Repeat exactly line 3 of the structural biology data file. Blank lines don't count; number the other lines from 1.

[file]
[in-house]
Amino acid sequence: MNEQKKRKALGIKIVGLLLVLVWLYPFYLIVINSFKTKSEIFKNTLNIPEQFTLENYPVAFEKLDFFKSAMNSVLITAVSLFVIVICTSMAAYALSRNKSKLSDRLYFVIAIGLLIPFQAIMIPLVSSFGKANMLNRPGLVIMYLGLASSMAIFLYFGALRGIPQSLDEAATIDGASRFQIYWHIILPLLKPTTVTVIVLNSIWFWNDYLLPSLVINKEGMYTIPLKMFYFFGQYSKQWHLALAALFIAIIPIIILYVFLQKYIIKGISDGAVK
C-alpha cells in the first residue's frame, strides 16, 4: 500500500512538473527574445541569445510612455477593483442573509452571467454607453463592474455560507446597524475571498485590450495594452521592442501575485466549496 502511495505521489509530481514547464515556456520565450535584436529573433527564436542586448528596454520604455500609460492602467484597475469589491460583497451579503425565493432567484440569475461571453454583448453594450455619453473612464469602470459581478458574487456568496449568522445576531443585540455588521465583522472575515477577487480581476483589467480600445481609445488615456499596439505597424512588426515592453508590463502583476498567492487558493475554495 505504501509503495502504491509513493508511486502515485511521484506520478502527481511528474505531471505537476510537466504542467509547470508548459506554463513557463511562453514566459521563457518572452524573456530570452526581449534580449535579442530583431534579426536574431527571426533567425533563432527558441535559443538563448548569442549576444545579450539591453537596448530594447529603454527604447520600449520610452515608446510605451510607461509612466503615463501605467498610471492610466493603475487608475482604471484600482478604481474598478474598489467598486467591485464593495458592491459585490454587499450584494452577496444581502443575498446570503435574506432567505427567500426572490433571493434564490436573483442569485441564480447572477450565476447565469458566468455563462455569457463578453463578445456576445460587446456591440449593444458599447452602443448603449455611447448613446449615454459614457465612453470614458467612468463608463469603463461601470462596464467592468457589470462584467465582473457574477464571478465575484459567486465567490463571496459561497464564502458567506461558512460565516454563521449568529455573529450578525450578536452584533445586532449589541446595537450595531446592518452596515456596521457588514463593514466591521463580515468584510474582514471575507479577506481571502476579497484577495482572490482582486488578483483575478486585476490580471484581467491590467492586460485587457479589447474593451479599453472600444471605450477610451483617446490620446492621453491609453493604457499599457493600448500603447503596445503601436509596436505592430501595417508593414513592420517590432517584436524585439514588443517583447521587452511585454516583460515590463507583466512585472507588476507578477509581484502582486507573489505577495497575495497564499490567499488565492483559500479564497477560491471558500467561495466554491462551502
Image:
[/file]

C-alpha cells in the first residue's frame, strides 16, 4: 500500500512538473527574445541569445510612455477593483442573509452571467454607453463592474455560507446597524475571498485590450495594452521592442501575485466549496 502511495505521489509530481514547464515556456520565450535584436529573433527564436542586448528596454520604455500609460492602467484597475469589491460583497451579503425565493432567484440569475461571453454583448453594450455619453473612464469602470459581478458574487456568496449568522445576531443585540455588521465583522472575515477577487480581476483589467480600445481609445488615456499596439505597424512588426515592453508590463502583476498567492487558493475554495 505504501509503495502504491509513493508511486502515485511521484506520478502527481511528474505531471505537476510537466504542467509547470508548459506554463513557463511562453514566459521563457518572452524573456530570452526581449534580449535579442530583431534579426536574431527571426533567425533563432527558441535559443538563448548569442549576444545579450539591453537596448530594447529603454527604447520600449520610452515608446510605451510607461509612466503615463501605467498610471492610466493603475487608475482604471484600482478604481474598478474598489467598486467591485464593495458592491459585490454587499450584494452577496444581502443575498446570503435574506432567505427567500426572490433571493434564490436573483442569485441564480447572477450565476447565469458566468455563462455569457463578453463578445456576445460587446456591440449593444458599447452602443448603449455611447448613446449615454459614457465612453470614458467612468463608463469603463461601470462596464467592468457589470462584467465582473457574477464571478465575484459567486465567490463571496459561497464564502458567506461558512460565516454563521449568529455573529450578525450578536452584533445586532449589541446595537450595531446592518452596515456596521457588514463593514466591521463580515468584510474582514471575507479577506481571502476579497484577495482572490482582486488578483483575478486585476490580471484581467491590467492586460485587457479589447474593451479599453472600444471605450477610451483617446490620446492621453491609453493604457499599457493600448500603447503596445503601436509596436505592430501595417508593414513592420517590432517584436524585439514588443517583447521587452511585454516583460515590463507583466512585472507588476507578477509581484502582486507573489505577495497575495497564499490567499488565492483559500479564497477560491471558500467561495466554491462551502